In short, it’s a CDN for your media files (images). It is free, and requires basically no work on your part at all. As soon as you activate that module, it will send your images over to the WordPress.com content network, and begin serving them from there.
Photon wins when it comes to ease of use. Again, you literally have to do nothing more than install the main Jetpack plugin and then enable the Photon module.
- Great for: Users who want to get started with a simple CDN right now(!), for free, and with minimal setup steps.
CloudFlare is gaining in popularity every month, and especially among WordPress users. It’s one of the few quality CDN services out there that offer a free plan, and its easy(ish) setup makes it possible to be used by anyone.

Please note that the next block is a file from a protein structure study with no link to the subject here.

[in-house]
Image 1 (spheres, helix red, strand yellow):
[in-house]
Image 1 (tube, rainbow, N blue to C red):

At the time of writing this, CloudFlare has 79 data centers all around the world, which basically guarantees good performance no matter where your target audience is located. CloudFlare reports that on the average, websites hooked up to their CDN load twice as fast and save more than 60 percent of their bandwidth (there are detailed analytics available in the admin panel, so you can check how the numbers play out for you when using CloudFlare).
Once you set it up, CloudFlare works automatically by caching your static files (meaning mostly media files) and delivering them to the visitors from a location near to them. On top of that, CloudFlare doesn’t charge for bandwidth used, so it’s going to cost you just the same regardless of the size of your traffic.
- Great for: Users who want to get started with something cheap or free, but who also want for their CDN to be able to grow with them. For instance, you can begin with their free plan, and then just upgrade if you ever need more features, better performance, or additional security protection.
3. Amazon CloudFront